Q&A: Alternatives to skilled care facilities

November 7, 2018
Medicare Web

Q: If a long-term acute hospital or a skilled-nursing facility isn’t necessary for a patient, but staying at home isn’t a plausible or healthy situation, where are some other options for patients to go after a hospital discharge?

A: Long-term care at alternative non-skilled care facilities does not require a skilled provider and therefore is not covered by commercial insurance or Medicare. In some states, Medicaid is offering some coverage for assisted living and residential care. Be sure to check the coverage in the state where the patient resides.

Although this care does not require a skilled, licensed individual, these facilities offer quality and safety for patients who cannot safely live alone or in their home.

Assisted living centers provide the following resources:

  • Housing and support with activities of daily living (ADL) and instrumental activities of daily living (IADL)
  • Meals
  • Medication management
  • Housekeeping
  • Transportation
  • Laundry
  • 24-hour staff
  • Personal assistance with ADLs

Case managers are often available at this level to support the patient in managing their healthcare needs and accessing the healthcare delivery system. Many assisted living centers are staffed by social workers who also offer adjustment-to-illness counseling, emotional support, and help with finances and transportation.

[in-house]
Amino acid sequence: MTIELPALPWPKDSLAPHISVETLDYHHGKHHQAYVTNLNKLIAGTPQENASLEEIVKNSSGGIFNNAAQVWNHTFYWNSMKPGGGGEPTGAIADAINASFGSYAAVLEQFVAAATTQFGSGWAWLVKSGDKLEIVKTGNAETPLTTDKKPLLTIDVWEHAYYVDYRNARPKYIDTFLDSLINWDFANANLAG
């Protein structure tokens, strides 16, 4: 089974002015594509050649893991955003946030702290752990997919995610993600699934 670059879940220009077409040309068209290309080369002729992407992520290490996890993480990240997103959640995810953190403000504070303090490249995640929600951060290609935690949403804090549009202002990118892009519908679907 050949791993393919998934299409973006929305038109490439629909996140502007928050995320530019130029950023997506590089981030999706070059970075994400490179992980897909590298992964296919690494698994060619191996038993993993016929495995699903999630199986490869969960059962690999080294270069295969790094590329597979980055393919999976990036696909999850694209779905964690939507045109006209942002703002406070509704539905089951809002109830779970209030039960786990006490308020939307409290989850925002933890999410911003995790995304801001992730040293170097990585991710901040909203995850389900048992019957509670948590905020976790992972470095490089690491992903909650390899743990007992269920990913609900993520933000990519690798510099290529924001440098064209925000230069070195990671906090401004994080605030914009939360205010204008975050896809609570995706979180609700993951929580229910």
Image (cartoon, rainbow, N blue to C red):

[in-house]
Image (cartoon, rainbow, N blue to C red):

Group homes are typically small (usually eight or fewer patients), and patients share common spaces. Group homes provide the following resources:

  • Services for children or adults who have chronic disabilities and require continual assisting to complete ADLs and IADLs
  • Assistance with behavioral issues

Residential treatment facilities provide therapy for patients with drug and alcohol addictions, behavioral problems, or mental health issues. Patients seen at these facilities are not appropriate for inpatient psychiatric care.

Case managers and social workers are integral to this setting, ensuring that patients are managing their care plan and, if applicable, their behavioral plan. Additionally, case managers tend to serve as the connection point between the residential center and the hospital, should the patient be readmitted. As in the context of assisted living, case managers and social workers can also help with finances and transportation needs.

For more information, see Care Transitions in Case Management. Need expert advice? Email your questions for consideration in the Revenue Cycle Daily Advisor. Note: We do not guarantee that all questions will be answered.